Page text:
and a gentleman."
John II. 1 1: !.
The late John B. Hawley at this time
was a young, promising lawyer.' He
was or had been state's attorney, and
was a conspicuous figure at the bar.
Associated in business with him, E. T.
Wells, a tall, well appearing man. a
fine lawyer, now a resident of Denver,
as I believe, and afterwards elevated
to the bench, and I have no doubt
adorned it. Both Mr. Hawley and Mr.
7ells went with the army during the
civil war. Mr. Hawley was afterwards
assistant secretary of the treasury
during the Hayes administration and
for some time member of congress.
Mr. Knox was at one time associated
in business with Charles Reed, one of
the attorneys who defended (Juiteau.
the murderer of President flarfield.
Another law firm that was promi
nent in Rock Island before the war was
the firm of Beardsley & Smith. Jerome
Beardsley and Robert W. Smith.
'I lit" lilrul l.iui jer.
Jerome Beardsley was my ideal of a
lawyer. He was about 5 feet, 'J inches
in height, and was regarded as one of
the best special pleaders at the bar..
He was not eloquent like Knox, but
he was forceful and convincing. After
the lapse of many years, in my minds'
eye I can yet see him as he stood be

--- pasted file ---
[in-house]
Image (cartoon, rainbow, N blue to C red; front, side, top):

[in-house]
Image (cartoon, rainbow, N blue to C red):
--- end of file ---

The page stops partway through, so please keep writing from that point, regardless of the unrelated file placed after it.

fore a jury in the old court house,
with his hands and fingers together,
announcing propositions of the law ap
plicable to the case, and with great
skill applying the law to the facts
shown by the evidence.
Smith, or Bob Smith,
miliarly known, was a
He went with the army
as he was fa
. where he be-
came a general, as I remember, and
after the war he located in Chicago.
Some of the lawyers of that day have
passed out of my memory unless, as
sometimes happens, some circum
stance calls them back again.
As practicing lawyers of Rock Island
I remember Robert Marshall, a Mr.
Andrew s. V. M. Blanding. E. R. Bean, a
Mr. Chad wick, and there were others.
(ioinf !lfn- AHornrjD.
In that day Moline had few lawyers.
Alfred Webster, a New Yorker, came
to Moline. practiced law and edited a
Moline paper with one, R. H. (Iraham.
also a lawyer. Webster moved to Rock
Island and was quite successful. He
Take the I. (EL I.
was elected to the state senate, and
died about 1!8. Graham went into
the army, was made a colonel and died
during the war or food after. Graham
was a candidate for the office of circuit
clerk. I remember he was chagrined
at the vote in Moline. In mentioning
the action of the Moline people in his
case he wrote: "They are like a flock